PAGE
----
These are the very conditions, Bayan avers, that allowed the Marcos heirs to regain political power after they were allowed to return to the Philippines in the 1990s. (The family brought back the dictator’s heavily embalmed body, under an agreement with President Ramos that it be buried in Ilocos Norte. Instead, the wax-covered body was put on display for tourists in airconditioned glory for 27 years, until it was surreptitiously buried this year, with military honors, at the Libingan ng mga Bayani.)

At the gate of Camp Aguinaldo the marchers are set to denounce the alarming trend of fascist repression by state security forces and the military’s declaration and pursuit of “all-out war” against the Left revolutionary forces. They’ll raise the people’s cry for the continuation of the GRP-NDFP peace negotiations unilaterally “cancelled” by President Duterte last Feb. 3, just a week after the two parties declared their third round of negotiations successful on several important aspects.

Broad swaths of the population have been roused to vehemently oppose the insidious campaign to fully rehabilitate the Marcoses, and to thwart their ambition to return to Malacanang, via the corrupt electoral system and otherwise.

It’s interesting to note the differing views of the two most prominent figures at the EDSA people’s uprising, Juan Ponce Enrile and Fidel V. Ramos – the key implementers of martial law who turned their backs on Marcos in the end, when he had clearly lost the backing of his principal patron, the United States government.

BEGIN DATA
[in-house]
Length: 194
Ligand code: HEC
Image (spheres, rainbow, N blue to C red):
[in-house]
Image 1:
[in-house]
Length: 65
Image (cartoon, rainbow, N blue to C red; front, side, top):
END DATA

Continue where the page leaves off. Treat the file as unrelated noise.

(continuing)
Ramos, who succeeded Mrs. Aquino as president and won through her support, has enthusiastically participated in all previous celebrations. Today he is pushing to perpetuate the “Edsa people power revolution” through a memorial center or an “interactive online learning museum.” This had already been planned during his presidency, he says, but wasn’t carried out due to lack of funds. He now wants President Duterte to undertake the project.

“As long as this can be done during President Duterte’s term, he will get credit for it and the people will love him for it,” he said. He cited a two-hectare lot within Camp Aguinaldo, right behind the People Power Monument that can be used to construct the memorial center/museum.

On the other hand, Enrile hasn’t been seen in the annual celebrations, and for a good reason: he was sacked by Mrs. Aquino as her defense secretary, for complicity in the several coup attempts mounted against her administration by the Reform the Armed Forces Movement.

It was these “idealistic but disgruntled military officers” to whom Enrile gave credit recently when he spoke at a church-sponsored forum last Feb. 15 on martial law and the February uprising. The dictatorship was ousted, according to him, when RAM withdrew their support for Marcos and thereby gained the support of the people at EDSA. At the forum, he pridefully narrated how Marcos had entrusted him – and only him – to write the martial law proclamation in September 1972 and all the general orders, letters of instructions and other edicts that were issued afterward by the dictator.

What surprised the audience was that until now Enrile can’t seem to find a single bad word to say about Marcos.

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Email: satur.ocampo@gmail.com

Published in The Philippine Star
Feb. 25, 2017